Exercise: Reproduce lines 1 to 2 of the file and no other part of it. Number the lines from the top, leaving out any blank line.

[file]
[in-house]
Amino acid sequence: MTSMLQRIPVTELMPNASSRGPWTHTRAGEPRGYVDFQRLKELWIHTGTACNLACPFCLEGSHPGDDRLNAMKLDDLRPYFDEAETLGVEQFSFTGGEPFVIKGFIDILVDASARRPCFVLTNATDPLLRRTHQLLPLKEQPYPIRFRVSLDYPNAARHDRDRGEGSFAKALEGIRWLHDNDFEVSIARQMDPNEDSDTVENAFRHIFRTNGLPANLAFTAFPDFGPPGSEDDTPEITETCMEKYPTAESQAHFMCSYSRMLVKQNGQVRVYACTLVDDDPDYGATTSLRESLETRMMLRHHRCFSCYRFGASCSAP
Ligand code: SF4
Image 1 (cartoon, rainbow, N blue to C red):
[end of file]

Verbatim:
[in-house]
Amino acid sequence: MTSMLQRIPVTELMPNASSRGPWTHTRAGEPRGYVDFQRLKELWIHTGTACNLACPFCLEGSHPGDDRLNAMKLDDLRPYFDEAETLGVEQFSFTGGEPFVIKGFIDILVDASARRPCFVLTNATDPLLRRTHQLLPLKEQPYPIRFRVSLDYPNAARHDRDRGEGSFAKALEGIRWLHDNDFEVSIARQMDPNEDSDTVENAFRHIFRTNGLPANLAFTAFPDFGPPGSEDDTPEITETCMEKYPTAESQAHFMCSYSRMLVKQNGQVRVYACTLVDDDPDYGATTSLRESLETRMMLRHHRCFSCYRFGASCSAP